EPA to Hold Committee Meeting on Chemicals

MONDAY, MAY 13, 2019

The U.S. Environmental Protection Agency announced last week that it will be holding the first meeting of its Science Advisory Committee on Chemicals under the Toxic Substances Control Act.

This first meeting will be to discuss Pigment Violet 29, the first chemical of the initial 10 chemicals going under review.

What’s All This About

In 2016 the TSCA got its first upgrade in 40 years as part of the Frank R. Lautenberg Chemical Safety for the 21st Century Act, which now requires the EPA to test all of the chemicals that had gotten through the previously weak TSCA (about 85,000 untested chemicals) with a target of about 2,000 a year.

First, chemicals will be sorted into “high” and “low” priority categories. No further action is taken with chemicals considered to be “low priority,” but “high priority” chemicals then move on to a risk evaluation.

The risk evaluation first looks at all possible uses of a chemical (everything from how it’s manufactured to how it’s used and how it’s disposed of). Then, it will look at how many possible ways it can come into contact with people and the impact it will have. After its possible exposure is totaled, the EPA will then look at the impact it will have on society’s most vulnerable, such as children, industry workers or the environment. This step has to be concluded within three years. If the EPA thinks it needs more time for analysis, it can extend the process one additional year.

After the evaluation is complete, the EPA decides whether or not to regulate the chemical. If the chemical is deemed unsafe, the EPA then has two years to specify restrictions. This timeframe can also extend an additional year.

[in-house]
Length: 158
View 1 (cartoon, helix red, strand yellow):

In December 2016 the EPA designated the first 10 substances up for evaluation, which included:

  • 1, 4 Dioxane;
  • Methylene Chloride;
  • 1-Bromopropane;
  • N-Methylpyrolidone;
  • Asbestos;
  • Pigment Violet 29;
  • Carbon Tetrachloride;
  • Trichloroethylene;
  • Cyclic Aliphatic Bromide Cluster (HBCD); and
  • Tetrachloroethylene.

In March, the EPA issued a final rule to prohibit the manufacture and importing, processing and distribution of methylene chloride in all paint removers for consumer use.

However, sales to contractors and other professionals are still available, which has draw backlash from public health advocates.

What Now

Now, the focus has turned to PV29, which will undergo review during the June 18-21 meeting.

PV29 is described in the Chemical Data Reporting database as:

“Approximately 90% of the domestic production volume of C.I. Pigment Violet 29 in 2015 (approximately 530,000 lbs.) was processed as a site-limited intermediate for the manufacture of other perylene pigments, while 10% of the production volume (approximately 60,000 lbs.) was processed and used in either commercial paints and coatings (approximately 30,000 lbs.) or commercial plastic and rubber products (approximately 30,000 lbs.). An unknown volume of C.I. Pigment Violet 29 is used in consumer watercolor and acrylic paints.”

“This will be an important opportunity for the science experts on this new committee to provide their scientific and technical advice to EPA,” said EPA Office of Chemical Safety and Pollution Prevention Assistant Administrator Alexandra Dapolito Dunn.

“This peer review ensures scientific rigor and enhances transparency of the risk evaluation process.”

The purpose of this meeting is for the EPA to get the independent review of the science underlying the PV29 risk assessment, including the hazard assessment, assessment of dose-response, exposure assessment and risk characterization, according to the meeting announcement.

Additionally, this meeting will include an orientation on TSCA and how EPA is evaluating chemicals in commerce as prescribed in the Lautenberg Act. The EPA will use the advice, information and recommendations from the SACC, as well as public comments (which are due May 17), to inform the final risk evaluation.


Tagged categories: Coating chemistry; EPA; EPA; Government; Health & Safety; NA; North America; Regulations

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